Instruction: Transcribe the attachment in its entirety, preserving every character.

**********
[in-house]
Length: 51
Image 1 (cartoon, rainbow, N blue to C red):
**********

[in-house]
Length: 51
Image 1 (cartoon, rainbow, N blue to C red):